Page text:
I was really excited as I stepped off the bus into the cold, wintery air. I couldn’t believe it! I was finally going to play in a band, in my true hometown, Ashland. You see, ever since sixth grade music has become a big part of my life, it always has been, but now that I play my own instrument it’s a bigger deal.
The next day, after a long and very tiring day of rehearsal, we didn’t feel like walking anywhere for dinner, so we ordered a Papa John’s pizza. When we went down to the lobby to wait there wasn’t really anyone in there except for a few employees and a man with short gray hair, a purple sweatshirt, and dirty old jeans. I sat down in a large comfy- looking leather chair in the corner while two of my roommates ran upstairs to get the money we forgot. Then a pretty woman with big blonde hair that you could tell she’d dyed before came over to the man and started talking to him. Being a girl, I’m naturally nosy, so I pretended to watch the giant television while I was actually listening to the woman. Turns out that the man was homeless and that the hotel was going to call the cops on him if he didn’t leave within the next ten minutes, all the sudden my two other roommates were beside me and I quickly explained the situation.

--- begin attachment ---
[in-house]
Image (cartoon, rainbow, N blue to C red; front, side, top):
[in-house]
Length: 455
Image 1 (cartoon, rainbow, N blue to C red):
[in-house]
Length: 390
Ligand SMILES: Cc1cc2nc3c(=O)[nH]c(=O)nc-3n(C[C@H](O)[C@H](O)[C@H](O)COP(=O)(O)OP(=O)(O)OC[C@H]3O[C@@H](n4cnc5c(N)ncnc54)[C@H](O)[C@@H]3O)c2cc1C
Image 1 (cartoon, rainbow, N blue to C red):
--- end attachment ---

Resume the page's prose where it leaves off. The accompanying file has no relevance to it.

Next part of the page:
We all sat down and listened to the woman’s kind and gentle voice. She gave him directions to the police station so that they could find him a place to stay. The man thanked her and proceeded to walk towards the door. At that moment I really wished that there were more taxis in Ashland and that I had a coat to give him. This poor man had to walk outside, without a coat, and with a limp! Oh, how I wished there was something I could do for him! When he passed us, he half-smiled then was out the door.
Out of all the memorable moments at all-district middle school band, those two or three minutes are the most memorable. I had never seen more kindness than what that woman did for a complete stranger.
Band has taught me so many other things about life. My band teacher told us on the very first day of sixth grade that we would learn more in that class than in any other. And he is right. In band we don’t just learn how to play an instrument and to read music. No, we learn everyday life lessons. Two of my favorite quotes from him are: “You are your own worst critic” and “The best way to get better at something is to surround yourself with people that are better than you.” I’ve found this to be true in all my classes and activities. It is these reasons I believe in the saying “music is life.”
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